Marlon James and historian Richard Dunn among 2015 Anisfield-Wolf Book Award WInners

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The Cleveland Foundation announced last week the winners of its 80th Annual Anisfield-Wolf Book Awards, Tara Jefferson reports on the foundation’s website. The 2015 recipients of the only national juried prize for literature that confronts racism and examines diversity are:

Jericho Brown, The New Testament, Poetry
Marilyn Chin, Hard Love Province, Poetry
David Brion Davis, Lifetime Achievement
Richard S. Dunn, A Tale of Two Plantations: Slave Life and Labor in Jamaica and Virginia, Nonfiction
Marlon James, A Brief History of Seven Killings, Fiction

“The new Anisfield-Wolf winners heighten our perceptions on race and diversity,” said Henry Louis Gates, Jr., who chairs the jury. “This year, we honor ground-breaking research into the lives of specific families enslaved on two New World plantations, a tour-de-force fictional portrayal of Jamaica spun in multiple voices, poetry from both coasts that is erotic and grave, and the indispensable, morally towering scholarship of David Brion Davis.”

Gates directs the Hutchins Center for African and African-American Research at Harvard University, where he is also the Alphonse Fletcher University Professor. He praised David Brion Davis as a foundational scholar whose Problem of Slavery trilogy is an essential work on the cultural, political and intellectual history of Western slavery and abolition. Joining Gates in selecting the winners each year are poet Rita Dove, novelist Joyce Carol Oates, psychologist Steven Pinker and historian Simon Schama.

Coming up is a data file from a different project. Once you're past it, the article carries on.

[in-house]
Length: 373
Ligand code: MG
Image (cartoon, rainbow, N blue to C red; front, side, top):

Cleveland Foundation President and Chief Executive Officer Ronn Richard said the breadth of topics taken up by this year’s winners is gratifying, and reflects founder and donor Edith Anisfield Wolf’s belief in the power of the written word to elevate and enlighten.

“The Anisfield-Wolf Book Awards rose from the philanthropic vision of one woman who realized that literature could advance our thinking and beliefs about race, culture, ethnicity, and our shared humanity,” Richard said. “We are proud to showcase books that are beautifully written and enhance the urgent, national – and local – conversations around race and cultural difference.”

Past winners include four writers who went on to win Nobel prizes – Nadine Gordimer, the Rev. Martin Luther King, Jr., Toni Morrison and Wole Soyinka.

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Marlon JamesA Brief History of Seven Killings, Fiction

In scalding yet musical language, A Brief History of Seven Killings hinges on the true 1976 attempt to assassinate reggae legend Bob Marley. Novelist Marlon James just calls him The Singer, and sets this character among a pinwheel of voices: CIA agents, child gangsters, a Rolling Stone reporter, drug dealers, corrupt politicians and a woman seriously diverted by one night with the musician. Anisfield-Wolf juror Joyce Carol Oates praised the “superb risk-taking” of James, whose story brims with profanity, violence, dialect, tenderness and cruelty. James teaches at Macalester College in St. Paul, Minnesota.

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 Richard S. DunnA Tale of Two Plantations: Slave Life and Labor in Jamaica and Virginia, Nonfiction

More than 40 years in the making, A Tale of Two Plantations is a scrupulous, revelatory archival investigation of some 2,000 people enslaved across three generations: roughly half on a Jamaican sugar plantation called Mesopotamia, and half on Mount Airy, a Virginia tidewater plantation growing tobacco and grain. Richard S. Dunn, a University of Pennsylvania historian, uses his findings to ask about enslaved motherhood, the effects of interracial sex on the meaning of family and how individuals fared upon emancipation. Oates calls the book magisterial, noting, “It is refreshing to encounter a historian who doesn’t include a forced conclusion.”

For the original report go to http://www.anisfield-wolf.org/2015/04/meet-our-2015-winners

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